Wine of the Day

2009 Hawk and Horse Cabernet Sauvignon

Cabernet Sauvignon
Written by Fred Swan
Thursday, 27 March 2014 20:41

The Hawk and Horse wines come from a sloping, 18-acre estate vineyard that reaches up to 2,200 feet in Lake County's Red Hills AVA. The deep red, volcanic soil is peppered with silicon-based crystals known as "Lake County Diamonds" or "moon tears" The vineyard is certified organic and biodynamic. It's part of a much larger ranch that's also home to adorably shaggy Scottish Highland Cattle.

The Red Hills Lake County AVA was established in 2004. It's warm, sunny days lead to good ripeness in Bordeaux and Rhone varieties. The high altitude, breezes and cool nights maintain reasonable acidity levels and keep sugars from getting too high. In addition to the handful of locally based wineries, several large companies own extensive vineyards in Red Hills, including Beckstoffer, Beringer and Kendall-Jackson.

2009-hawk and horse cab bottleFresh out of the bottle, the 2009 Hawk and Horse Cabernet Sauvignon is tight and firm with light-grained tannins. Extensive decanting allows the wine to blossom. Powerful aromas of tart black cherry, briary blackberry, dark spice and sweet oak emerge from the deep ruby wine. With decanting, body moves from medium+ to full and the tannins get pleasingly thick but softer. Flavors included salty mineral, black fruit, oak and moist cedar forest. For early consumption, decanting is essential. I was happiest after 18 hours. Drink now through 2025. Highly Recommended+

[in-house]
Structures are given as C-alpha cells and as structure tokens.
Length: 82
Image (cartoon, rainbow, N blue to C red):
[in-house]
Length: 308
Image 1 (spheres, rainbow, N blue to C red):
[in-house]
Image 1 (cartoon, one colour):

2009 Hawk and Horse Cabernet Sauvignon, Red Hills Lake County AVA
Rating: Highly Recommended+

Drink: now through 2025
Closure: Cork
Production: 1350 cases
Retail Price: $65.00

Winemakers: Richard Peterson and Tracey Hawkins
Origin: Hawk & Horse Estate vineyard, Red Hills Lake County AVA
Aging: 23 months in French oak, 100% new
Alcohol: 14.8%

Service Recommendations

Decanting: 3 to 24 hours

Temperature: 60º - 64º F

Food Pairing: Well-marbled steak

Interpreting my wine ratings


Disclosures: The FTC has tightened its guidelines with respect to online ads, reviews, blogs, etc. in response to people who are passing paid ads off as personal recommendations or who accept samples of expensive hard goods in exchange for reviews. My lengthy disclosure here is meant to address those guidelines.

The review above reflects my personal experience with the product. It is not a paid ad, nor do I accept ads or compensation for reviews from wine producers. Reviews may cover products that I have purchased, received as samples, or tried under other circumstances I consider to be good tasting conditions. Receiving a product as a sample does not obligate me to review it positively (or at all) and I do not consider samples to be compensation or “free wine.” I have purchased plenty of wine over the years and have more of that than I can drink. Samples are opened for review purposes, not added to my personal cellar or taken to restaurants.

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